Is “instant triple talaq” constitutionally valid? The question will be answered by a five-judge bench of the Supreme Court on Tuesday, when it pronounces its decision on a batch of petitions by Muslim women who have challenged the practice as “unlawful and unconstitutional”.
The much-awaited verdict by the inter-faith bench comprising Chief Justice of India J S Khehar and Justices Kurian Joseph, R F Nariman, U U Lalit and Abdul Nazeer is set to be pronounced at 10:30 am. The bench had reserved its verdict on May 18, after hearing the petitions for six days.
There are six petitions in the case. The main petition has been filed by Shayara Bano, a resident of Uttarakhand, whose husband divorced her by pronounced triple talaq, after 15 years of marriage. Bano contended that “the Muslim husband’s right to ask for divorce by uttering talaq three times in a row is completely unilateral, unguided, absolute and has no rationale. It cannot be identified with Muslim culture and is not part of Muslim law. So it is not part of religion and hence not part of the right to practise or propogate religion and deserves no protection.”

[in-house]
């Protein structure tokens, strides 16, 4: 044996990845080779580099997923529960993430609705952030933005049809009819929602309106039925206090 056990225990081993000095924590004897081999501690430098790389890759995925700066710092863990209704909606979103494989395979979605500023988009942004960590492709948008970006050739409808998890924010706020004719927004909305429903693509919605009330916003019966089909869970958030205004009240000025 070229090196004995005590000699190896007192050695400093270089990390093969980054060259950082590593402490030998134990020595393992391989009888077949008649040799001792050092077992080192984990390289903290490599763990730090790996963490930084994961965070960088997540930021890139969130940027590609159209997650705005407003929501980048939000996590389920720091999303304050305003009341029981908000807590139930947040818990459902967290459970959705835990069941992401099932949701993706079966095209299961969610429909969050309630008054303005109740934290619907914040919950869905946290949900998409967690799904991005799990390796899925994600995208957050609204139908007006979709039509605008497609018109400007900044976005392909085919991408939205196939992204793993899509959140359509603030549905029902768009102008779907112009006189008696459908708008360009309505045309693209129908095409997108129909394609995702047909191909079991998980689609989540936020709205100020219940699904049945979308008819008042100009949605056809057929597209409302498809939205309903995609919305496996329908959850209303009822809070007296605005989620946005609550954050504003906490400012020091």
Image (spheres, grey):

Former Union Minister Arif Mohd Khan, who intervened in the case with the permission of the bench, termed the practice as equivalent to burying Muslim women alive. Khan had resigned from the Rajiv Gandhi government in 1986 to protest against its stand in the Shah Bano case.
Senior counsel Kapil Sibal, who appeared for the All India Muslim Personal Law Board, however, took the stand that triple talaq was a matter of faith and the court should not interfere.
Former Union minister Salman Khurshid, who the court had allowed to assist it as an amicus curiae, told the bench that the system of instant triple talaq “cannot be justified or given legal validity”. He said the practice “was sinful but legal”, prompting Justice Kurien to wonder whether “something abhorred by religion can be made law by man”.
During the hearing, it was also pointed out to the court that many Islamic nations across the world, including Pakistan, Afghanistan and Egypt, do not recognise the husband’s right to unilaterally divorce through triple talaq and that Sri Lanka was one of the non-Islamic countries to ban it.
The court wondered how Muslim men would divorce if it held all forms of talaq as unconstitutional. The then Attorney General, Mukul Rohatgi, assured the court that the Centre would come up with a law to deal with any such situation. The Centre has taken the stand that triple talaq is “extra-judicious” and “discriminatory”.